LAS VEGAS (FOX5) -- A home near Jones Boulevard and Hacienda Avenue sits vacant. Inside, there is trash on the ground, house fixtures ripped out, profanity scribbled on walls and cigarette butts in the toilet.
"It gives me a knot in my stomach. I don't even want to see what it looks like," homeowner Dawna Priest said.
Priest purchased the home in 1998. Since 2004, she has rented it out.
"Being a single woman and buying a house by myself it was really special to me," Priest said.
For the last five years, the same renter has lived in the home. Priest said pre-pandemic she never had any issues with the tenant. Then, last March they stopped paying rent. Rental assistance finally arrived through the CARES Act Housing Assistance Program (CHAP) in December.
However, in the New Year, the same problem persisted. Priest said she was willing to work with the renter, but there was no communication. Struggling financially and unable to evict under the moratorium, Priest decided she would sell.
Priest, who lives in Virginia, planned on retiring in the home one day.
The renter refused to leave. The landlord said she finally filed an unlawful detainer and the renter moved out last month. On their way out, the tenant left the house trashed. They even moved the refrigerator so it blocked the staircase half way up.
"Most of our move outs have been the worst we've ever seen,” NARPM Southern Nevada President Joshua Campa said.
Campa is a broker and president of the local chapter of the national property manager's association. He said this is far from an isolated incident, and it's caused by the COVID era renting rules.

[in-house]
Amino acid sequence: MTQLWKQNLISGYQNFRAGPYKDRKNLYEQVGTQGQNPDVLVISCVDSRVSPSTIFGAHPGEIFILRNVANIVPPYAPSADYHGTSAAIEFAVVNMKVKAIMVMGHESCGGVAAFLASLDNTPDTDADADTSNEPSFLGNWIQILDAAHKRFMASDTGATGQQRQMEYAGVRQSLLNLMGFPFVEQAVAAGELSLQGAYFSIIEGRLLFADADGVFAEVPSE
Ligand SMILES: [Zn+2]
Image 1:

"Once you negate one aspect of the contract, the tenant thinks it’s free game. They're like, ‘we don't have to listen to any of the other rules anymore,’" Campa said.
Campa said many people are taking advantage of the renter protections. According to Campa, most people that really need the financial assistance, because they are having financial struggles are communicative with property managers.
“The people who didn’t pay at all and destroyed property, it appears those are people that took advantage of the system, because they never reached out to us,” Campa said.
Regular inspections also haven’t been possible, because of the pandemic.
"What these people were able to do to my house, because of all the moratoriums, it’s crazy,” Priest said. “Now I'm left with $8,000-10,000 in damages."
The Nevada eviction moratorium ends May 31, which means the court process for evictions can begin, but can’t take place until the federal moratorium expires June 30.